Most patients have admitted to believing that cold and/or damp days are the days when the stiffness and pain in their joints act up the most. So what are the cold, hard facts (pun intended) about arthritis and cold weather? What can you do to ease the discomfort you may feel?
Does cold weather affect joint pain and arthritis?
I wish there was an easy answer to this question, but the truth is that there is reasonable debate as to whether the cold winter months directly affect joint pain and arthritis.
Some studies have supported the theory that the barometric pressure changes from weather affect the pressure within the joint capsule; it’s similar to the pressure you might feel in your ears when you fly or dive. Other studies support the theory that cold temperatures have a direct effect on the synovial fluid within the joint capsule – which would affect the inflammatory mediators the same way cold temperatures can affect the oil in your car.
Still, other studies have found little to no link to cold weather and joint pains like arthritis. For the sake of this article, let’s just focus on the FACT whether there’s a viable link or not, you feel pain when it’s cold out.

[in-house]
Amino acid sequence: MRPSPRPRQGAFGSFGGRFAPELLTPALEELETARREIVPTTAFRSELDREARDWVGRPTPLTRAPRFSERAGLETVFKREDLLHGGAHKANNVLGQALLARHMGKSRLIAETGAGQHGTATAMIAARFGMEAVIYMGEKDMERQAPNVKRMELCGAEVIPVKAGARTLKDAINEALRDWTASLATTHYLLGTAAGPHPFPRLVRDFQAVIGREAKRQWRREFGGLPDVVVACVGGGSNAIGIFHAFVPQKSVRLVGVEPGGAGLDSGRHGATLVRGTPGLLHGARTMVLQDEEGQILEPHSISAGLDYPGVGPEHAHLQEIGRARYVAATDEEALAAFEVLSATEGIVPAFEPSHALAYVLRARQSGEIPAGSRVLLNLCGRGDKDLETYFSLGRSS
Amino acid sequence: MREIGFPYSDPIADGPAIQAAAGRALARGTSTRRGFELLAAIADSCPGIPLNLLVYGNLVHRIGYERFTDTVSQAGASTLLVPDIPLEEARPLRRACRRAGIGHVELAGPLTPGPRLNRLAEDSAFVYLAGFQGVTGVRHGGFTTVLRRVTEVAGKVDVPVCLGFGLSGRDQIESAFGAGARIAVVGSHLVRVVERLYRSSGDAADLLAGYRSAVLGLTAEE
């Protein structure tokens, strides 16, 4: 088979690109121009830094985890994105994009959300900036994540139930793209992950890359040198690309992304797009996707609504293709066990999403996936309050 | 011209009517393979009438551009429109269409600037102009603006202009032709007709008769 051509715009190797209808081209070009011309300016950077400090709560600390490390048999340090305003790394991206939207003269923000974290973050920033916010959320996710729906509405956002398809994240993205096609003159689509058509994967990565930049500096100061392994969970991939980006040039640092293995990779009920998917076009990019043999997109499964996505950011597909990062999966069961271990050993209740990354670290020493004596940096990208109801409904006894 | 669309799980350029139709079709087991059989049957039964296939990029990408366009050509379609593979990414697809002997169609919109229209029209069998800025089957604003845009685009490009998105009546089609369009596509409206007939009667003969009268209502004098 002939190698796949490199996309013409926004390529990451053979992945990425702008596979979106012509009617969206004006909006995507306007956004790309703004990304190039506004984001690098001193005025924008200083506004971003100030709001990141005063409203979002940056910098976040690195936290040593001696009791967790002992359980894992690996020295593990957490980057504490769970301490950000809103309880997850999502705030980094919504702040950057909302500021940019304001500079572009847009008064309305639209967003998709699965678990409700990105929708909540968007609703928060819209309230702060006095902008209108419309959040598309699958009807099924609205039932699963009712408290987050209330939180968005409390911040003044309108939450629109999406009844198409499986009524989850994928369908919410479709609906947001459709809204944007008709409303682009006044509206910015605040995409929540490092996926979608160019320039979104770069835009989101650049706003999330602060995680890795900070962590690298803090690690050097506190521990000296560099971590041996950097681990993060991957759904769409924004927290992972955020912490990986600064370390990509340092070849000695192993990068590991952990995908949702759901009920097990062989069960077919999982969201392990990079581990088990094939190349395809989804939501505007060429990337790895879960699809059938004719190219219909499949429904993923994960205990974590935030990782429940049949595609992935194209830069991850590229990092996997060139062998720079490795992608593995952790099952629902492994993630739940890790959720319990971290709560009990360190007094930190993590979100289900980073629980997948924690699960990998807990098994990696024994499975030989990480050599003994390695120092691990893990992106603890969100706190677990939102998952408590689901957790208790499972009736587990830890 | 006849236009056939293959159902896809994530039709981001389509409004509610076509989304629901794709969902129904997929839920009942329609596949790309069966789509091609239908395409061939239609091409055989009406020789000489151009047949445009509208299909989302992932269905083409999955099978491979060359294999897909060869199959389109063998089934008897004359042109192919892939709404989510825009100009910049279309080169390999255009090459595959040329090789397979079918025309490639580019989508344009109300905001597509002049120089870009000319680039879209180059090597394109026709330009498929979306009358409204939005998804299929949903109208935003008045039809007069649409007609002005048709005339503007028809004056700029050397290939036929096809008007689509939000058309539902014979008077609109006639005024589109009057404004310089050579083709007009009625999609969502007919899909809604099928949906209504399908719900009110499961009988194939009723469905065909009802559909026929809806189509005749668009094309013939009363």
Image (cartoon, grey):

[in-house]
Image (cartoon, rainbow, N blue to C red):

Things you can do to minimize joint pain and arthritis
Eat these: Fruits, wild seafood, nuts and deeply-pigmented vegetables like spinach, kale and cabbage. This will help put more Omega-3 fatty acid into your diet, as well as some fiber and natural anti-inflammatory compounds. Herbs and foods such as turmeric, oregano, garlic, green tea, blueberries, and ginger contain bioflavonoids and polyphenols that limit free-radical production in the body.
Take supplements: Glucosamine sulfate and chondroitin may help by nourishing cartilage and increasing lubrication in your joints. You can also consider D3 (the kind your body creates from sunlight). Before taking any supplements, please check with your doctor as some supplements can interact negatively with prescriptions.
Get moving: Exercise helps keep your joints active and lubricated, which means less pain. You’ll want to consider something easy on joints, like yoga or tai chi; these will help your range of motion too!
Chiropractic care: Chiropractic care can’t cure arthritis. But you can feel more comfortable by having a chiropractor focus on mobilizing your joints and slowing the progression of the disease.
By focusing on the cause of irritation to your nervous system, or the irregular function of muscle, joints and your vascular system, chiropractic can help remove pressure on your nerves and restore range of motion. This, in turn, helps your body relax and heal.
Other treatments can also be used in addition to manipulation, including massage therapy, heat and ice therapy, ultrasound therapy, electronic stimulation, rehabilitative exercises, ART and AIS.